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Accounting

ACCT - Careers in Accounting

This handout is for information only and does not serve as official CB policy.

  1. What is accounting?

    Accountants practice accounting which is the art and science of:

    • Identifying, processing, and analyzing an organization's data and information, then
    • Helping decision makers use it to make their decisions.

    Traditionally, accountants have worked with financial data and information generated by the economic transactions that organizations engage in. Accountants use that information to produce:

    • Financial Statements--used by investors and creditors to make decisions about investing and lending;
    • Tax Returns and Regulatory Reports--used by governments to verify compliance with various international, national, and local laws and regulations; and
    • Managerial Reports--used by managers and employees to make decisions about the organization's operations.

    Accountants (known as auditors) also use their skills and knowledge to verify that an organization's financial information has been prepared in a manner that complies with certain national and international standards.

  2. Why should I consider an accounting career?

    Accounting is a demanding and stressful profession that provides accounting professionals with both economic and psychological rewards. Those who are most likely to have successful and fulfilling careers are especially attentive to the latter and choose a career path that is consistent with their personalities. Successful accountants are:

    • Goal & Work Oriented
    • Logical & Creative Problem Solvers
    • Excellent Communicators
    • Team Players

    Contrary to the popular impression, accountants must enjoy working with people. Accounting is about people more so than numbers.

    Because there are so many different kinds of decision makers who use an organization's financial information, there are many different career paths in accounting. Those paths are generally described as:

    • Public Accounting: accountants employed by a firm that is hired by other organizations and individuals to provide attestation, tax, and consulting services.
    • Industry Accounting: accountants employed by a profit-motivated company to provide a variety of financial and managerial accounting services such as processing payroll and determining the cost of producing products.
    • Not-for-Profit Accounting: accountants employed by a governmental or other organization that is not profit motivated. They provide a variety of financial and managerial accounting services such as processing payroll, determining the cost of providing services, and reviewing regulatory reports and tax returns.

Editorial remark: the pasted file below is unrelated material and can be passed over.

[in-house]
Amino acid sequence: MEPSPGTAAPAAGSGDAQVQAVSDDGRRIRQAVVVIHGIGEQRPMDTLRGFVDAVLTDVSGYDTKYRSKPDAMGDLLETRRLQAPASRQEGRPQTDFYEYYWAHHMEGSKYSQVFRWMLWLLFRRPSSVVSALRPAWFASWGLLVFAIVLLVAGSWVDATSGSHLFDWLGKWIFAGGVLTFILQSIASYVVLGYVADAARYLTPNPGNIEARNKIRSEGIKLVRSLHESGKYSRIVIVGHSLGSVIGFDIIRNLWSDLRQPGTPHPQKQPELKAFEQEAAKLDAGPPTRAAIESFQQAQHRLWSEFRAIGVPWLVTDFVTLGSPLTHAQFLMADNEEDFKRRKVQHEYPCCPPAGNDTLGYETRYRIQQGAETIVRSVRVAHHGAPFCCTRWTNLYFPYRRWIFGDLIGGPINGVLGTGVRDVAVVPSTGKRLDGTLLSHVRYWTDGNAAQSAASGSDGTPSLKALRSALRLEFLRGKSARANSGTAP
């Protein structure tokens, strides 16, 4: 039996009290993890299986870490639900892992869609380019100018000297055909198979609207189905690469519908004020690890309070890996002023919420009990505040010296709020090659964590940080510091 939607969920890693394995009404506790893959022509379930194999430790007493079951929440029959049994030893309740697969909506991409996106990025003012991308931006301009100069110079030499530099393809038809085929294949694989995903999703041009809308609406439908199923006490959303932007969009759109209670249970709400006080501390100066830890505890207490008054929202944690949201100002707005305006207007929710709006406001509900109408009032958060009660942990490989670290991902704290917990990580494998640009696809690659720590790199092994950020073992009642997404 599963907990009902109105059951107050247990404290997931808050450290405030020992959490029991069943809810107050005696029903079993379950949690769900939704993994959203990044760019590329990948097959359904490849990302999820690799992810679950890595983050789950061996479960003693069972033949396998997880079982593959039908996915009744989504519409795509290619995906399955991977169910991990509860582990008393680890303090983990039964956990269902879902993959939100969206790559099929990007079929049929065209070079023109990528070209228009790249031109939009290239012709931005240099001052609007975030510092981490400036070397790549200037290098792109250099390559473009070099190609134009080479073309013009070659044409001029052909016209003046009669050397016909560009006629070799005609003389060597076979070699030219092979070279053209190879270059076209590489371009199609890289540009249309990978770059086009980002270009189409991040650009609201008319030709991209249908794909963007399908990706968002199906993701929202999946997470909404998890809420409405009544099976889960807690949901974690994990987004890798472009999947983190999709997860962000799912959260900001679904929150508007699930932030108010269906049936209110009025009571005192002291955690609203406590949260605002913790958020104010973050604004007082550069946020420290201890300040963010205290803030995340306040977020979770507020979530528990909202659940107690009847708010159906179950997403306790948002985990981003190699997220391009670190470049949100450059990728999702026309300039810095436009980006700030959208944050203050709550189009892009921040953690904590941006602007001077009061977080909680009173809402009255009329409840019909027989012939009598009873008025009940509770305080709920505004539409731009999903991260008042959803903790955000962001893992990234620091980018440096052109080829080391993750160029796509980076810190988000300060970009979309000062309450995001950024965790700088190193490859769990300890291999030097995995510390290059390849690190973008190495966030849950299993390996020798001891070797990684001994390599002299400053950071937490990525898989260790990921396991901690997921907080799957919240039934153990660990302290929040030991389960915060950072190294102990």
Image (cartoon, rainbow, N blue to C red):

3. How do I prepare at CWU for an accounting career?

    All accounting professionals need:

    • A broad business education that allows them to understand the entire business, to communicate with non-accountants and
    • An accounting education that allows them to communicate with accountants in other specializations.

    Consequently, CWU accounting majors must take a variety of courses in finance, marketing, management, and operations management and information systems.  They also must take a common core of accounting courses:

    • Sophomore Year--ACCT 251, Accounting I; ACCT 252, Accounting II 
    • Junior Year--ACCT 305, Cost Accounting; ACCT 346, Income Tax Accounting; ACCT 350, Intermediate Accounting I; ACCT 351, Intermediate Accounting II 
    • Senior Year--ACCT 455, Accounting Information Systems (or MIS 386); ACCT 460, Auditing

    They also must select from the following electives so that they have a total of 40 credit hours in upper division accounting courses (300-400).

    ACCT 405, Advanced Cost Accounting; ACCT 430, Accounting for Non-Profit Organizations; ACCT 431, CPA Review of Non-Profit Accounting; ACCT 444, Tax Research and Planning; ACCT 446, Income Tax Accounting II; ACCT 450, Advanced Accounting; ACCT 461, Fraud Examination; ACCT 470, Accounting Theory; ACCT 475, International Accounting; ACCT 484, Professional Writing and Speaking for the Accountant; ACCT 485, Current Issues in Accounting; ACCT 489, Managerial Controllership; and BUS 341, Advanced Business Law.

    Additional information is available in CWU's online course catalog.

    In addition, accounting majors who plan to take the CPA exam must have a total of 225 quarter hour credits. CWU offers a Master of Professional Accountancy program to help majors meet this requirement.

  4. Information on pursuing a PhD in Accounting 
  5. Where can I find more information?

    Fortunately, accounting professionals are very proud of their profession and happy to provide potential accountants with information and guidance. The best sources of information are probably the various professional organizations that different kinds of accountants belong to, including the: